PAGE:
On Nov. 18, Delta Farm Press spoke with Jeremy Ross, Arkansas Extension soybean specialist. Among his comments:
Are all the soybeans harvested?
Yes, the season is just about wrapped up. The yield and quality look good statewide, with only a couple of exceptions. We’re investigating but are still not sure why those exceptions occurred. It could have been untimely rainfall or fertility issues.
There is already a lot of interest in soybeans for 2009. I recently spoke with a group of Mississippi County cotton farmers about soybeans. From what everyone is saying, it appears soybean acres will be on the rise next year.
USDA has (Arkansas) yield estimate at 40 bushels (per acre). That would be a new state record. Early in the season, their estimate was 36 bushels. Every report they put out seemed to bump it up one bushel.
There’s a good chance we’ll hit that 40-bushel mark. I’ve talked to plenty of growers who say they did quite a bit better than they have in the past. So I think a 39- or 40-bushel average is in reach.
No one broke the 100-bushel mark this year. It’ll happen, though. If the crop had been planted bit earlier — we were two or three weeks behind the norm — that would have put some growers in a better position.
I think when one farmer hits 100 bushels, there may be a handful of others there with him. Conditions will have to be just right, though.
Any cause found for the odd malady that’s keeping some of the fields green (see http://deltafarmpress.com/soybeans/soybean-update-1110/index.html)?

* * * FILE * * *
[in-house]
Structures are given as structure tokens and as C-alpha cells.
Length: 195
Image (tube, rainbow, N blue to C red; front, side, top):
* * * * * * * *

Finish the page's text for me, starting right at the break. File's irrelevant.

Researchers are still working on that. Tests were run for the bud and stem blight pathogen. The first test came back positive but when it was run again, it came back negative. So the mystery continues.
On the Arkansas Soybean Research Conference…
We missed a couple of years with this meeting, but we’re reviving it. There will be a little more in-depth, up-to-date research information than at a typical production meeting. I think farmers will really benefit.
It’ll be at the Brinkley Convention Center on Dec. 9. Registration starts at 8 a.m. and will run through lunch. There will be presentations on soybean diseases, nematodes, soybean seed quality, and herbicide resistant weeds from Terry Kirkpatrick, Scott Monfort, Jason Norsworthy, and Rick Cartwright. Three graduate students will also speak on fertility, Liberty Link research and plant pathology.
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